Ph.D. in Historical Musicology (2015)
Dissertation: “Music, Race, and Gender in the Original Series of Star Trek (1966–1969)”
Jessica Getman is the Managing Editor for The George and Ira Gershwin Critical Edition at the University of Michigan, Ann Arbor, and a film musicologist focusing on music in television and science fiction media. She holds a PhD from the University of Michigan, for which she produced a dissertation on music and social discourse in the original series of Star Trek. Other areas of study include music production in mid-twentieth-century American television, popular music in science fiction media, and amateur music in media fandom.
Ph.D. in Historical Musicology (2018)
Dissertation: “Confession Carried Aloft: Music, Religious Identity, and Sacred Space in London, c. 1540–1560”
Ph.D. in Historical Musicology, Certificate in Music Theory (2015)
Dissertation: ““‘Grey C’, Acceptable”: Carl Orff’s Professional and Artistic Responses to the Third Reich”
Andrew Kohler grew up in the Seattle area. He earned a classics diploma from Phillips Exeter Academy and a B.A. in literature and music from Yale University. After completing his musicology degree, he taught music history, music theory, and music appreciation at several colleges and universities in Michigan, Ohio, and Arkansas. His other musical activities include singing with the UMS Choral Union, keyboard performance, composition, and watching productions of obscure operas. He conducted his Chamber Symphony in E minor in 2012 at the School of Music, Theatre & Dance. He has done work with social justice causes, including serving as the legislative intern at Equal Rights Washington in Seattle, and his dissertation explores themes of anti-authoritarianism in Carl Orff’s output. Andrew is one of the first members of the Gershwin Initiative. He is honored to be the project manager for Wayne Shirley’s edition of Porgy and Bess, for which he performed in the test performance and presented a paper on the character of Bess at the accompanying symposium. Andrew is currently the Senior Editorial Assistant for the Gershwin Initiative at the University of Michigan.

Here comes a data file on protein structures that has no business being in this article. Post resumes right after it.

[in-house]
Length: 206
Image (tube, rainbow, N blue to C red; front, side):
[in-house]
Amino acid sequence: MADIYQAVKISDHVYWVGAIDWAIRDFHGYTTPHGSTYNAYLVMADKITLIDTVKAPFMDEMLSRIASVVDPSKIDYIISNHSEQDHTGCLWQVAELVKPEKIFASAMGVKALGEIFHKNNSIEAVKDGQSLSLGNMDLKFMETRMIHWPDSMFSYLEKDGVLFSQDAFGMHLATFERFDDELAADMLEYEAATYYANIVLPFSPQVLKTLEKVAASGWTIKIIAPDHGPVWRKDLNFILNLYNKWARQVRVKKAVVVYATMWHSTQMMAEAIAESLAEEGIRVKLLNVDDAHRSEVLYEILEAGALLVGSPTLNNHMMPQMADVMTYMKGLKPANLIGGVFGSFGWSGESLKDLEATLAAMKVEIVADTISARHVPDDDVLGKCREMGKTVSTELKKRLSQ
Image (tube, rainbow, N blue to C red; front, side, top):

Ph.D. in Ethnomusicology (2018)
Dissertation: “Cinematizing Chinese Opera, Performing Chinese Identities, 1945-1971”
Ph.D. in Historical Musicology (2021)
Dissertation: “Making an American Modernist: Franco-Russian Music Practices and Cold War Aesthetics in the Ballets of George Balanchine”